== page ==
What remains of the Occupy Indy
protest just 22 days after about 1,000 protestors gathered at Veterans Memorial Plaza
Plazais dramatically smaller. As late as two weeks ago, hundreds marched
around Monument Circle shouting, "Banks got bailed out. We got sold out."
Now, the group occupying the
space it has named "Liberty Lawn" will spread its purpose by shaking
the hands of a few people who pass by and handing out fliers on the streets.
"If we keep this up and
stay united like we have been, I know we can win this and we will," said
Tasha Ernstes, who has been at Occupy Indy for three
Like many members of the
protest, Ernstes said she still feels passionate
about opposing the economic inequalities and influence of corporations in
politics — two of the key threads running through an organization
inclusive of ideas that don't always fit a smooth narrative.
"We don't have one
goal," said Debra Moore, who has made multiple trips from her home in
Akron, Ind., to the protest. "We don't have one leader. We have all of the
issues that are wrong with America today, but we don't have just one person to
stand in front of us and say it."
If one person has stood out
it's James Kerner. He became the first arrested in
the protest Thursday on charges of trespassing after an umbrella he was holding
was deemed a hazard to a fire exit on the south side of the statehouse. Ernstes said Kerner returned to
the protest Saturday night for the first time since his arrest.
For several members of the
fledgling group, the arrest offered an opportunity to ignite interest in what
some see as growing apathy toward the cause.
"This is going to help us
build our numbers," Brandon Jones said Thursday. "People are starting
to believe this is just a joke."
On Sunday, however, it was
apparent little had changed. The same umbrella Kerner
held provided shade for the group on a sunny day and numbers were still low.
But each addition to the protest offers inspiration.
"We have a lot of the same
faces," Ernstes said. "But we have some new
faces every day. Some just pass through. Some end up staying. It's very
enlightening and very encouraging to see new people who don't really know about
the occupation and when they find out about it and they find out what we are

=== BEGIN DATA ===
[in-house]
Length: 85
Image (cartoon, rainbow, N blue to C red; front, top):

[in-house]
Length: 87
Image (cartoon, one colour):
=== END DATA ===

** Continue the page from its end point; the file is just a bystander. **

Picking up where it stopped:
doing and our cause they sit down and actually help support us."
As the 24-hour,
seven-day-a-week protest goes on, Ernstes said other
commitments keep more protestors from gathering near the statehouse. Still, she
said many join the occupation via the group's live stream — a sporadic
online broadcast of events happening on "Liberty Lawn."
For Occupy Indy, the statehouse
poses both problems and opportunity. Jones said the inability to put up tents
or other shelter hampers the ability to maintain the group's presence. But Ernstes said it's important to stay put.
"Being on the statehouse
lawn makes a major point," she said. "It makes a much bigger point
than if we were sitting in a park occupying. We are on statehouse and (the
government) can't touch us."
To go to the bathroom, Ernstes said she travels to the Circle Centre Mall. Other
group members said they are often invited to nearby homes to take showers.
Jones serves as the group's chef, cooking anything from soup to Ramen noodles
on a hotplate powered by a generator.
Cool temperatures and strong
October winds are a constant reminder of the threat weather will pose as winter
arrives. Among the six members in attendance on Sunday, there were mixed
feelings about where Occupy Indy should be when the snow arrives.
"If needed, we can
move," Ernstes said. "But we have to
(discuss) what the group wants to do. This isn't just about one person."
"If we do shut down for
the winter," said Stefan Ludlow, a junior at Butler University. "We
will back in the spring in full force."
The group is most easily
identified at its daily general assembly, a 7 p.m. meeting that has been a
venue for making decisions and discussing the group's progress since its
inception. Ernstes said the gathering still attracts
those with less time to spend near the statehouse and a slow stream of
donations to keep the movement alive.
Ernstes said her belief in a bright future for Occupy Indy is the
strongest reason she remains.
"We are only four weeks
strong," she said. "But we are getting stronger every second. Every single
person that sits down and supports us, that's one more person to help prove our
point — to help support us."